Last month Moroccan-American author Laila Lalami’s second novel, The Moor’s Account, was announced as a finalist for the 2015 Pulitzer Prize for Fiction. In their citation the Pulitzer committee said that the novel was “a creative narrative of the ill-fated 16th Century Spanish expedition to Florida, compassionately imagined out of the gaps and silences of history.” That second clause ran through my mind as I raced through the novel a few weeks after its citation. The Moor’s Account is Lalami’s imagining of the famously doomed Narváez expedition to Florida that began with 600 Spanish conquistadors and settlers landing near Tampa Bay and ended 8 years later when the only four known survivors stumbled across some Spanish soldiers in what is now northern Mexico. Cabaeza de Veca would become the most famous of those survivors when his La Relación became the official royal account. Lalami, as you might have guessed, moves the narration from de Vaca to Estevanico, a Moorish slave owned by one of the other surviving Spainards and the first known African (and African slave) to land in what is now the United States.
A Historic Encounter Full of Adventure and Reflection
The journey of the Narváez survivors is one of those incidents that seems too amazing to have actually occurred. Its mix of hardship, hubris, and cross-cultural contact feels like something out of one of the classic adventure novels like Robinson Crusoe or Treasure Island. Of course, such stupendous and deadly adventures were somewhat common during the period of Spanish exploration and conquest in the Americas. Even as brutal conquistadors like Columbus, Cortes, and Pizarro were toppling empires their lesser-known compatriots like Francisco Orellana and Hernando de Soto were hopelessly stumbling through the wilderness with dreams of pillage and glory in their doomed heads. The Narváez expedition belongs to that ignominious latter group. In The Moor’s Account it is clear from the start that the Spanairds’ dreams are little more than delusions. The appalling pomp of their pronouncements to absent Indians that all of the “discovered” land belongs to the Pope and Spanish King on an empty beach is a prelude to the arrogance and avarice that will lead hundreds to their doom in an alien land.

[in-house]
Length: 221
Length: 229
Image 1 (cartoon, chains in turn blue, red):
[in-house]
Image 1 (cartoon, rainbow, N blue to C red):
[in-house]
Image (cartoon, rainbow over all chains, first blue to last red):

Estebanico, born as Mustafa ibn Muhammad ibn Abdussalam al-Zamori in Azemmur, spends much of his time in Florida thinking about his past. Chapters alternate between his present ordeals and stories of his life in Morocco, the collusion of greed and famine that prompt him to sell himself into slavery, and the innocuous injustices of his life as a slave in Seville. He is a born storyteller, and unravels both his own past actions and the noted Spanish love of pronouncing rather than conversing with those beneath their station. These recollections of the Old World end when the Narváez expedition falls apart. Buffeted by disease, Indian attacks, and poor planning they desperately build a set of rafts and try to sail back to Cuba. Instead, they drift to the west until a hurricane scatters them across the Gulf and the survivors must assimilate into Indian tribes in order to survive. It’s here, with the social stratification of the Old World destroyed by desperation and the hopes of returning to “civilization” at a nadir that the novel’s valuecomes into full view.
The Value of Alternative Perspectives